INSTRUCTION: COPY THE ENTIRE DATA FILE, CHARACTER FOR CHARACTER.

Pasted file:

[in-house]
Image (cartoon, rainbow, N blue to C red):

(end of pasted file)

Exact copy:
[in-house]
Image (cartoon, rainbow, N blue to C red):